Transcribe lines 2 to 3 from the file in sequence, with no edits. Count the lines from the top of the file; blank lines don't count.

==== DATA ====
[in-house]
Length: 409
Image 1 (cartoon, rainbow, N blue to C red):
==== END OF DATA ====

Length: 409
Image 1 (cartoon, rainbow, N blue to C red):